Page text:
March 21, 2017
We have finally reached our destination, the Bellingshausen Sea, and we have started collecting some data. In this post, I will explain the types of data we are collecting and how we use it to interpret past events in the geologic record.
As a side note, it is very cold! and I have only seen one penguin in the distance, they seem to dislike big, red boats breaking sea ice near them.
1. Multibeam swath bathymetry
The multibeam data are collected using a Kongsberg echosounder system. It has a transducer installed at the bottom of the ship that produces a fan-shaped pattern of sounds in a swath perpendicular to the ship track. The sounds reach the seafloor and return to a receiver, and we can calculate water depth by measuring the time it takes the sound to travel through the water column, reach the seafloor, and come back to the ship. By putting together all the points produced over a period of time, we can create an image of the seafloor.
By using the multibeam we can get a very accurate image of what the bathymetry (seafloor topography) looks like. When ice retreats or advances over the seafloor, the flowing ice produces a series of landforms that we can use to interpret the behavior of the ice. For example, when ice is flowing very fast, it produces elongated hills parallel to ice flow, and when ice is slower or stops moving, it produces mounts of sediment, perpendicular to ice flow. And so, we want to map the geomorphic features we find in the seafloor to interpret the history of ice flow in the Bellingshausen Sea.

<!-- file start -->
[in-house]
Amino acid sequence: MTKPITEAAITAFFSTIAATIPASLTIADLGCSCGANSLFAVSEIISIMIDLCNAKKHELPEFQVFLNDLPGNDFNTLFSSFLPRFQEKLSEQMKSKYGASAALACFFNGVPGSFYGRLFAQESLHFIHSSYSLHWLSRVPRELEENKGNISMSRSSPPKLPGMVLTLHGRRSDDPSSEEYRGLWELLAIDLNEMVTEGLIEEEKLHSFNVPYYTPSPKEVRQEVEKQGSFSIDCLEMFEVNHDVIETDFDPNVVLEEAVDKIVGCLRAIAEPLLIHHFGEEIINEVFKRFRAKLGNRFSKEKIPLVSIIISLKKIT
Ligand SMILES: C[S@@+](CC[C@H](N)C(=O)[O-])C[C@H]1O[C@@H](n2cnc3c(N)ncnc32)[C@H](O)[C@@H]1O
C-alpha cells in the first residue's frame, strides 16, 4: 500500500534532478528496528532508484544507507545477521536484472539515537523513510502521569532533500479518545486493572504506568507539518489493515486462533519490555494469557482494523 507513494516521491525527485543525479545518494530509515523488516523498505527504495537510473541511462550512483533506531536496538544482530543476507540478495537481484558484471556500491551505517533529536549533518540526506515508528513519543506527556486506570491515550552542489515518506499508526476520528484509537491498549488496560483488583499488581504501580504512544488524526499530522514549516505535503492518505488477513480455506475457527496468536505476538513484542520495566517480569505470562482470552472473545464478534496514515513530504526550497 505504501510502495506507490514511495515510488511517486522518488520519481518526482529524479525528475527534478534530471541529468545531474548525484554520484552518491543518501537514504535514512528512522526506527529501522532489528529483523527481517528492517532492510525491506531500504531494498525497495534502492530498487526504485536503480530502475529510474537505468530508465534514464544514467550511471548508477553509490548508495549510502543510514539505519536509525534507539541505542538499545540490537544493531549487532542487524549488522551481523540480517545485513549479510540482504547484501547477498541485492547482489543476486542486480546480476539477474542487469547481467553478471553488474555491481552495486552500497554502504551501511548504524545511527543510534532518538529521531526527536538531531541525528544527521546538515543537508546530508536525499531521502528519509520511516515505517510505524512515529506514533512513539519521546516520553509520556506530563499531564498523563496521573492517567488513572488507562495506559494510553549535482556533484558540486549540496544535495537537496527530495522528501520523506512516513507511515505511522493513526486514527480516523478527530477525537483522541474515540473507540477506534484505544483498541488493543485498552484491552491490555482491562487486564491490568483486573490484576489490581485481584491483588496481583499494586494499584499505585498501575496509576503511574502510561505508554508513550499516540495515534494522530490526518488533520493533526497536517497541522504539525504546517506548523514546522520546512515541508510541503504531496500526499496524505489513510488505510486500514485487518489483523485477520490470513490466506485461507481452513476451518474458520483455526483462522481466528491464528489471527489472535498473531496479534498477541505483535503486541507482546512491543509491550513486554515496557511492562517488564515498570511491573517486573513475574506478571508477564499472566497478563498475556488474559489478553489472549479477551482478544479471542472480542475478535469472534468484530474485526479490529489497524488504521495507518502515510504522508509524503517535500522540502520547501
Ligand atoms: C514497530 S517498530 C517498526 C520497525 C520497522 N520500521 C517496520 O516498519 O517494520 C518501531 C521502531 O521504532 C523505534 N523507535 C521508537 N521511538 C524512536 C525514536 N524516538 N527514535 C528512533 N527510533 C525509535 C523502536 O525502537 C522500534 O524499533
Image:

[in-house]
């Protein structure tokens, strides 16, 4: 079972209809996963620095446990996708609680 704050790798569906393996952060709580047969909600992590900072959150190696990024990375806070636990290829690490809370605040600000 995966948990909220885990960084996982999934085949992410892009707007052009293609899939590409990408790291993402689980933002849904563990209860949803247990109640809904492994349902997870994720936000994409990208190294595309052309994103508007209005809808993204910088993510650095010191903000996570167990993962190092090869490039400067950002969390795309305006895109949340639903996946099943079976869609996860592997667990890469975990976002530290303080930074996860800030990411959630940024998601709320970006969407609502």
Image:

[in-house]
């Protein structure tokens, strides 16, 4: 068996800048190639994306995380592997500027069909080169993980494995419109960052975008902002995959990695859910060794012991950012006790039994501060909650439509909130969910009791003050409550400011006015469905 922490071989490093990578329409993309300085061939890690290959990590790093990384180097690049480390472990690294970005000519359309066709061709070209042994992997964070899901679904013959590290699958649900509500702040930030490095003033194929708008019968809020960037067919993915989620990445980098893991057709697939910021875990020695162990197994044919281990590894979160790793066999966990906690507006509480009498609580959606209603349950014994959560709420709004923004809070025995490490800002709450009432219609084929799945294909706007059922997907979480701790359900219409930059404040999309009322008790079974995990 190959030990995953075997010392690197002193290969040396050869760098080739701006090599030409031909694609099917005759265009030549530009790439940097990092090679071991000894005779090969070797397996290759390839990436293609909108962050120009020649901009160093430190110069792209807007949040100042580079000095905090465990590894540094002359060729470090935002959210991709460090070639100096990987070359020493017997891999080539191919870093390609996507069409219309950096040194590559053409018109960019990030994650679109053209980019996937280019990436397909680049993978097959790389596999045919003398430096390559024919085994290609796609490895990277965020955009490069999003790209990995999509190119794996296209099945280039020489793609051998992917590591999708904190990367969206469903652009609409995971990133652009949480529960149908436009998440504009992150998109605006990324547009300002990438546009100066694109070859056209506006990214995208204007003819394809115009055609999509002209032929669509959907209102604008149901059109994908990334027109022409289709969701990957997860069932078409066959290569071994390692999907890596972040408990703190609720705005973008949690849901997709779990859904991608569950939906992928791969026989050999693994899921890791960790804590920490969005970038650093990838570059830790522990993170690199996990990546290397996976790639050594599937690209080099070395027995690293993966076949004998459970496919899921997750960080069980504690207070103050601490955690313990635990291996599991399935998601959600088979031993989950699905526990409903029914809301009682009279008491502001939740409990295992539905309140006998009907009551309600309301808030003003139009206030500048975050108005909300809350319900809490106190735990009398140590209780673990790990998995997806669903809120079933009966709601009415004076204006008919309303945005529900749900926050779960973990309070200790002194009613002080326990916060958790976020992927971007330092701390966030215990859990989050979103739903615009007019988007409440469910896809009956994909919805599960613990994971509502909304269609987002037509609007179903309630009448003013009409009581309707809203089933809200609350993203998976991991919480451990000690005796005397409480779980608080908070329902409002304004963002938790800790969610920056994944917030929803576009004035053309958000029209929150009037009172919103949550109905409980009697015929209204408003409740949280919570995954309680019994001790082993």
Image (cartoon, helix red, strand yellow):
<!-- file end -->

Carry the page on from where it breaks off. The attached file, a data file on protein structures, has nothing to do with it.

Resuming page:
2. Subbottom profiler
The subbottom profiler is also an echosounder, but in this case the system produces a high frequency sound, the sound penetrates the upper layers of the seafloor generating a 2D “seismic” line. We use high frequencies so that the echosounder shows detailed sediment layers but only from the shallow subsurface. Sometimes it can penetrate as deep as 50 meters, but usually we get less than 20 m of penetration.
We use the subbottom profiler to give us an idea of how much sediment there is covering the seafloor. In Antarctica, it is very common to have only a few meters of sediment covering bedrock. This is because as ice advances, it removes or “bulldozes” all the sediment, leaving bare rock. In addition, the subbottom profiler helps us get an idea of the type of sediment forming the seafloor, ex. rocky seafloor vs. muddy seafloor, soft mud vs. indurated/compacted diamicton.
3. Sediment cores
We will be collecting three types of sediment cores in this expedition: long cores, gravity (short) cores, and multicores. We want to collect as much sediment as possible but sampling depends on how much sediment there is in the areas we are visiting, for this we rely on the subbottom profiler. The long core can collect a continuous sediment sample of up to 39 m below the seafloor. The shorter cores vary in length from 1m to 9 m, and the multicorer device samples up to 8 cores, less than 1 m long. The long core works best if we want to sample a long section, the short core works best for sediment that is slightly more compacted than mud, and we use the multicorer when we want to sample the sediment-water interphase, where the sediment is very “soupy”.
After we obtain the core, then we sample it in the geology laboratory in the ship. These samples are used to measure grain size, lithology composition, lithic fragments, diatoms, pollen, foraminifera, shells, organic matter, and water content. The long cores will not be sampled in the ship, instead they will be sent to the Korea Polar Research Institute where sampling will take place in the summer. By looking at the sediment facies we can get an idea about the environment of deposition and how the paleoenvironments have changed (or not) through time.